Publisher: Harvard Business Review Press
Publishing Date: October 20, 2022
Pages: 272 (Hardcover)
If you want to change a lightbulb in the church, you have to ask the governing board to appoint a committee to form a task force to draft three proposals for the best way to change the bulb. By the time the task force has come up with their proposals, three more bulbs have gone out and the task force has to start the process all over again. This scenario might be a slight exaggeration (note: slight), but it is an example of the ways organizations have structures in place that make innovation and creativity difficult. By the time a creative or innovative idea has gone through all the red tape, the momentum has dissipated and innovators have become discouraged. In the book Eat, Sleep, Innovate: How to Make Creativity an Everyday Habit inside Your Organization, Scott D. Anthony and friends write about the “shadow strategy” within each organizational structure that makes it difficult to keep the creative energy flowing.
Utilizing real world case studies and handy acronyms to help the reader internalize concepts, the authors of Eat, Sleep, Innovate have created a resource guide for leaders looking to prioritize innovation in their companies. The authors’ core conviction is that transformation is possible when organizations are willing to focus on their customers, when they empower people to pursue change without a fear of failure, and when a team makes innovation its primary task. This cannot be added to an already overloaded person’s work requirements, and it is not something available only to the creative few. They wrote, “While many people still believe that innovation is a mystical activity that requires God-given skill, it is in fact a discipline”1.
“When a company or organization does something different…and that different behavior creates value in some way, innovation is happening.”
Innovation is defined as “something different that creates value.” While the definition might seem broad, it was left so intentionally. Innovation is not confined to technological advances or business changes that make money. When a company or organization does something different (not even necessarily something brand new), and that different behavior creates value in some way, innovation is happening. These changes, large or small, make a positive impact on the customer and/or on the employee, which makes the whole experience better.
The authors identify five behaviors of innovators: curiosity, customer obsession, collaboration, adept in ambiguity, and empowerment. These five behaviors push people to think differently and give them space to try new things. I found these five behaviors a helpful framework–especially empowerment–as I think about creating space within my congregation for innovation. So often what stops people from trying something new is the fear of failure or the fear of making mistakes. An innovative culture empowers people to try things and celebrates the attempts, even if those attempts don’t end in success.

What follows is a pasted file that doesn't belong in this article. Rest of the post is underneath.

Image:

“An innovative culture empowers people to try things and celebrate the attempts, even if those attempts don’t end in success.”
Eat, Sleep, Innovate is replete with acronyms. I struggled to keep the acronyms sorted in my mind, which made the book a slower read for me. But, one acronym that will stick in my memory as I seek to lead my congregation is BEANs (behavior enablers, artifacts, and nudges). An organization that innovates will be full of BEANs (see what I did there?). For example, if you want your employees to have space for conversation with one another, you might take a look at the break room to see any potential barriers to personal interaction. Then, you will pursue “behavior enablers” (the BE in BEANs) to make the kind of behavior you want to see easier and more instinctive. One company created a “buddy table” for anyone who wanted to sit with someone else for lunch. The creation of the “buddy table” enabled more interaction and conversation among the staff, which helped build the collegiality the company was hoping for.
In my congregation, we have two youth groups (one for junior high students, and one for high schoolers). We wanted to form relationships between these two groups, but we struggled with how to do this. Eventually, we took a multifaceted approach. We invited both groups together for celebrations and service opportunities, and we created a shared mealtime in between the meeting times for both groups. We have watched these combined activities bring the kids closer together, but it required us to shift our thinking. We needed to create behavior enablers to make growth and relationships possible.
“ We needed to create behavior enablers to make growth and relationships possible.”
As an organization makes space for innovation, they will observe the behaviors that are taking place, and they will imagine what behaviors they would rather see in the future. This involves exploring obstacles to those desired behaviors and dreaming up behavior enablers that will help shift the culture of the organization. A session in which an organization comes up with BEANs to try out is called a BEANstorm, and while not all of these BEANs will be successful or possible, some of them may make meaningful change possible.
This book is one I would recommend as a resource guide rather than a “sit down and read it in one session” kind of book. The case studies could be explored with key leaders at weekly or monthly meetings, and an activation session could be planned using the guide in chapter 4. Eat, Sleep, Innovate didn’t teach me much that I didn’t already know, but it gave me language to describe what innovation looks like. I’m eager to use some of these tools in my congregation as we envision the future into which God is leading us. I think our next board meeting will be cloudy with a chance of BEANs.
p. 23 ↩